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My body is a shell?

I was watching Ghost in the Shell while doing some programming. I decided I wanted to do work and watch something at the same time. Having something to glance at when I got bored with my work would help. I got the idea (although it wouldn’t be the first time I had done it) from Rands In Repose:

In Malcolm Gladwell’s The Tipping Point, he describes how researchers for Sesame Street determined what parts and how much of the show were actually registering with five-year-old kids. What they discovered was that, when presented with toys and quality segments, these children were able to play with toys and remember content from the show just as well as kids who just watched the show.

I can’t really tell how it worked out for me because I didn’t have a deadline and the work was very casual. I’ll have to try it when I’m writing a paper and see if I get any more work done then.

As I was watching Ghost in the Shell (and apparently ignoring my work) I wondered why Motoko felt so comfortable naked. She didn’t seem to mind being seen by Batou after scuba diving nor did she seem particularly shy in general. And then I thought,”if I knew my body was just a shell, would I feel awkward about being naked? Would I really care about what happened to it or who saw it? Would I feel better about the way I looked? Or feel worse?” It was a deep moment for me.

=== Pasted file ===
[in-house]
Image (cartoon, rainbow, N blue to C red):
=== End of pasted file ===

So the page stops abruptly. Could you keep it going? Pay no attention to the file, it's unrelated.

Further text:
I believe that I have a soul, so isn’t my body just a shell? Shouldn’t I already feel that way? I know that the body is sacred too (it’s in the Bible somewhere, someone else can find it) and therefore it has significance, but I was suddenly faced with w new set of moral questions about body augmentation. Having read Neuromancer I’ve wanted to be like Case. I wanted to be a console cowboy and have a ROM of my mentor that I could jack into and have conversations with. I wanted to float in cyberspace and be able to use my mind to control the computer. Now I wonder if I would really take the necessary steps to augment my body.

I don’t believe in tattoos or piercings on my body. I don’t mind if other people do it, in fact I think they’re pretty cool, they’re just not for me.  If I’m opposed to those simple body mods, would I let someone fiddle around in my brain and add some electronics? Would I abandon my body entirely for a cybernetic one? How much of me is really me? How much can I give up and still feel the same?

It turns out that those really are the themes in Ghost in the Shell. Underneath all the cyberpunk and hacking and destroying  of tanks, it’s a question about what makes us human. If nothing else, re-watching this movie has made it clear to me how insecure I am about my body. I should work on that.


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